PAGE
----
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September 13, 2021 7 min read

Ahh the good ole' bench press. Anyone who has hit the gym, knows that this workout is the gold standard amongst those looking to build a strong chest and defined pecs. There's beauty in the simplicity of this workout which is done one a bench and with a barbell by lowering the barbell and weights to your chest and pushing them back up in repetition. Of course, they can also be be done solo or with a spotter. Of course, it isn't just the chest which gets worked by this old school workout but several other muscles as well.

What Muscles Can The Bench Press Work On?

The bench press is an effective compound exercise that targets some of the bigger muscles in your upper body, which are your chest, shoulders, and triceps. It may not promote general muscular development as the squat or deadlift, but it is well-known for activating the muscles that enhance our upper-body strength and aesthetics.

 fitness model in gym close up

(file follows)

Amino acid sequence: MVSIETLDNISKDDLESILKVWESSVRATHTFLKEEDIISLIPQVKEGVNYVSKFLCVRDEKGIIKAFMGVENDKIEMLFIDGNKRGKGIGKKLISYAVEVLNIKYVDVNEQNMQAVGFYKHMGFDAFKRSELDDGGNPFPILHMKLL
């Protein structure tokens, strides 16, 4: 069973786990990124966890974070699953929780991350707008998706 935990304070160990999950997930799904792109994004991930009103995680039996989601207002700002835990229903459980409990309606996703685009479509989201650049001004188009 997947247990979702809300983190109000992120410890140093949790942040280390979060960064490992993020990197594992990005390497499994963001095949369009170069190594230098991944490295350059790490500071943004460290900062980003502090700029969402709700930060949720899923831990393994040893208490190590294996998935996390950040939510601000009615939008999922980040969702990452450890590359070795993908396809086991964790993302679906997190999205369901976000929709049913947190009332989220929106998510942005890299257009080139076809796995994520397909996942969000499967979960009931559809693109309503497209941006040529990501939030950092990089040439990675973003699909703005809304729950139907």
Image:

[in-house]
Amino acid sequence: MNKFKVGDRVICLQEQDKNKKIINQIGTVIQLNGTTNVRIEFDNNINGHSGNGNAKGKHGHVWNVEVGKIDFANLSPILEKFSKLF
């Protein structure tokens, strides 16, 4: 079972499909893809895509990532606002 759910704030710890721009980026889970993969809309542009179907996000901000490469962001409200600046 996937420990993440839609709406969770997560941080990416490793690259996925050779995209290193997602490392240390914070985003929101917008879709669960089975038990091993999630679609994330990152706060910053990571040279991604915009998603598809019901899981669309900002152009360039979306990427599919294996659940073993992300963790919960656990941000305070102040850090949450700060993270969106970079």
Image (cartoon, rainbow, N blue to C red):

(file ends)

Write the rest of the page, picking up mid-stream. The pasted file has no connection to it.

The bench press is the most common lift for most individuals when it comes to developing a larger chest. It's a full-body chest workout that works your lower, middle, and upper chest. According to  muscle-activation studies, the bench press activates the upper chest just as effectively as the incline bench press. As a result, the bench press is an excellent primary lift for building your whole chest.

The bench press is also an excellent shoulder raise. The fronts of your shoulders or front delts can help you push weight up to your chest. As a result, while benching at lower rep ranges, your front delts may take control, getting somewhat more stimulation than your chest. This is why bench pressing for 1–6 repetitions is typically beneficial to your shoulders while benching for 8+ reps tends to tax your chest more.

It's also worth noting that dumbbell and barbell bench presses may work on both sides of your shoulders. However, since they are not the limiting factor, they will not experience significant development.

Advantages of Bench Pressing

Bench presses can help you towards toning your upper body muscles like the pecs, arms, and shoulders. Various types of bench presses train slightly different muscles depending on your objectives. A tighter grip bench press, for particular, trains the triceps and forearms as well.

There are also advantages to using bench presses in your weight-training routine. You can increase your upper body strength, improve your muscular endurance, and it can even serve as a preparatory for exercises like push-ups. The bench press is also used to build strong and reliable muscles for sports.

Safety and Precautions